Centered in Crisis, Connected through Conflict
I remember growing up in Charlotte the frequent spring and summer storms that marched up through the Piedmont. Some of those storms flashed red on the news channel, alert notifications rolled across the bottom of the screen warning folks to seek shelter if they were in the path of the storm. Occasionally, when a tornado warning was issued, our family would trudge down to the basement. I’d set up camp with our little battery-operated radio, blanket, flashlight, and of course of few choice snacks. Fortunately, we never had to deal with the devastating effects of a tornado on our property. But we were grateful for the diligence of our meteorological team who alerted us to surrounding conditions and gave direction for what to do when conditions deteriorated.
One summer I was camping with my Brownie troop. That evening a terrible storm hit. We were all gathered in a screened-in shelter when suddenly a powerful wind kicked up. The screen door blew open. The screens started popping out of the windows as a sideways rain entered the structure where we were staying. Whimpers bubbled into tears as several of the frightened girls huddled together. There wasn’t much we could do as we rode out the storm. To distract the girls from the ferocity of the storm outside, we gathered closer together and began to sing some of our camp songs. After a few minutes our boisterous singing drowned out the howling wind. The camaraderie of the girls created a sense of security despite the chaos of the storm. When morning broke, there were limbs down around the camp and a few uprooted trees. We learned that the campsites by the lake had been evacuated. It was quite the adventure! But it was the trust and security of being together that helped us get through the night.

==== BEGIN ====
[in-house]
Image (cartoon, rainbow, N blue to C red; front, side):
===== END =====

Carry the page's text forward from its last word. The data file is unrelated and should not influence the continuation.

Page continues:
As a Church, we are called to be at the front lines of God’s mission in the world. That often means showing up in places of great poverty, sickness, heartbreak, injustice, and crisis. How we show up makes all the difference. When we are centered and connected, we are better prepared to offer the most faithful response to a world in need. It is easy to become scattered in our attempts to help, jumping from one reactive response to another. But taking the time to be prayerfully centered, listening to the Holy Spirit’s guidance for the best next step, is critical for fruitful ministry.
I think of how much I rely on a meteorological team whose radars and equipment provide a perspective that extends well beyond the scope of what’s happening right outside my house. How often are we stopping to connect with God who has the ultimate radar view of creation? God’s vision and perspective captures the whole picture: each moving part, person, situation, and circumstance—and how those can be best connected for healing and wholeness. I continue to be amazed at how much more effective the ministry of the church is when a group invests time, energy, and attention to the critical act of prayer, holy listening, and discernment.
When a crisis hits—the loss of a job, a devastating health diagnosis, the imprisonment of a family member, a global pandemic, food shortages, or natural disaster—a sense of isolation and disconnect only exacerbates the crisis. Having community with which to weather the storm can make a profound difference. When the church shows up relationally, before, during and after a crisis, the missional response is more authentic and impactful. How are we as followers of Christ reaching out to know and love our neighbors before the crisis? How are we riding out the storm together rather than just coming in to clean up after? How are we building networks of connection that strengthen a communal response to those in need?
The answers to each of these questions will be very specific and particular as a church listens intentionally and closely to the Spirit of God. Centered and connected, loved and loving, served and serving, the church is a profound missional entity in our world today.
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